Thuraya provides blanket-to-blanket coverage to more than 100 countries in Europe, the Middle East, North and Central Africa Central and South Asia: a landmass inhabited by an estimated 2.3 billion people. Thuraya's services extend beyond boundaries of terrestrial networks and reach remote areas not accessible by conventional modes of mobile telecommunications. Like in Pakistan the subscribers of Ufone or Mobilink mobile services can access Thuraya satellite network services while using GSM mobile services as usual

Thuraya was founded in the UAE in 1997 by a consortium of leading national telecommunications operators and international investment houses. The turnkey project was built by US satellite manufacturer Boeing Satellite Systems formerly Hughes. The Thuraya-1 satellite was successfully launched on board a Sea Launch Zenit-3SL rocket from the equator in the middle of the Pacific Ocean on 21st October 2000. The launch was a record success, as it was the first satellite initiated from the Middle East and also the satellite was the heaviest to be launched ever. Thuraya's second satellite Thuraya 2 was launched on the 10th of June 2003 while a third satellite is being built by Boeing Satellite Systems to expand system capacity. The Thuraya 2 satellite was deployed into geosynchronous transfer orbit by Sea Launch, which was also the launching vehicle for Thuraya's first satellite. Designed for a 12-15 year lifespan, the Thuraya 2 satellite is positioned in Geosynchronous Orbit, 35,786 km (22,236 miles) above the Earth, at 44 degrees East Longitude and inclined at 6.3 degrees.

GMPCS business plans typically assume that gateway earth stations will be able to interconnect with the public switched telephone network at rates substantially lower than those used in conventional relationships involving developing countries. So these new entrants can be expected to add their voices to those pushing for a reform of the regime or for substantial cuts in the accounting rates.

Several other practices also distort traffic flows, although they do not bypass the accounting rates system. The most common of these is the use of calling or "home direct" cards and callback. This practice turns calls around, increasing the net flow of traffic in the direction opposite to normal and thus skewing traffic settlements in favor of the country where the call was originated-often at the expense of countries with more competitive and efficient services. The growing distortion in traffic flows and in settlement payments caused by calling cards and callback has been an important driver of the demands for change in the regime.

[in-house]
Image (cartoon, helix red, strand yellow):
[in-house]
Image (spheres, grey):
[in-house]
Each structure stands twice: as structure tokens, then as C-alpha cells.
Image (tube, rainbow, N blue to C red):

With increasing demand for global bandwidth there are a number of under-the-sea fibre optic cable initiatives among FLAG (Fiber around the Globe) and Global Crossing as illustrated in figures (A) & (B).

FLAG owns and manages a unique fiber-optic and IP-based network providing connectivity between Europe, the Middle East, Asia Pacific and the US and provides highly-reliable and flexible bandwidth, co-location, IP and Ethernet services to carriers, ISPs and content providers being a leading network and transport service provider company offering carrier services to more than 100 international carriers as customer with 95% coverage to global top 20 telecom carriers including British Telecom (BT) of UK, Etisalat of UAE, Telia of Sweden, MCI and Sprint of USA etc. FLAG global IP network has 14 PoPs (point-of-presence) in 4 continents i.e. North America, Europe, Asia and parts of Africa. FLAG currently facilitates 11 world's top IP Exchanges, with numerous landing-points including Karachi, Pakistan.

Proving coverage to 5 continents, i.e. North and South America, Africa, Europe and Asia, Global Crossing's fiber optic network is unmatched in reach and breadth with over 100,000 route miles join more than 200 cities around the globe with fully meshed IP network.